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I believe that Gilbert Ryle introduced the term "category mistake", but I am struggling to apply the term.

Could you please give me an obvious and less obvious instance of a category-mistake?

And if something is a "category mistake" then what does that tell us about how to think about it?

  • An example is given here: rationalwiki.org/wiki/Category_mistake – user2953 May 14 '15 at 21:46
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    I would just like to add that in my personal experience, most category mistakes are due to strong misleading associations rather than, as in Wikipedia's (and the original term creator's) examples, arbitrary misunderstandings. For example, many people have turned out to, independently, believe that MSPaint, a bitmap drawing program, can't present photographs. Just because they've associated it with simple-looking drawings or, at most, screenshots. – Cheers and hth. - Alf May 14 '15 at 21:46
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A category mistake is when, for the ontology of any particular domain of discourse, an element of a set is unjustifiably excluded from the set.

An obvious example of this is the statement, "It is a time before time". Time cannot be before time because the extension of time includes the extension of every statement of something being before or after something else (i.e. every B-series statement) such that "a time before time" falsely excludes "time" from the extension of "time".

A less obvious example is the statement, "It is before time", however this statement has similar problems to the one before because it is to say, "It is at an earlier point in time than time." This falsely excludes a point in time from time, which is false by contradiction.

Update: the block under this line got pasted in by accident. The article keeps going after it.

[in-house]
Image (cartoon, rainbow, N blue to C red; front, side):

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The most common category errors generally go by separate names with which most folks are more familiar. Included are things like

  • anachronism,
  • anthropomorphizing,
  • taking a general principle personally,
  • attributing moral value to facts,
  • confusing the map with the terrain and
  • concretizing metaphors.

You can get the definition from the family resemblance between these examples: They involve lifting a property that needs a given context out of that context and presuming it has a value where it doesn't belong. Green ideas are not an oxymoron, they are a category mistake.

Anachronism is an example that is simple because it is so extreme. "When there were no clocks it must have been quite hard to catch a train." -- We are attributing modern intentions to ancient people, the need to catch a train is a property that those living before clocks just didn't have.

More subtle category errors common in our world right now include things like failing to see that faith in natural law is in fact faith because it is part of science and not religion or accepting success at Capitalism or some (other?) sport as the basis for one's judgment of someone's moral character.

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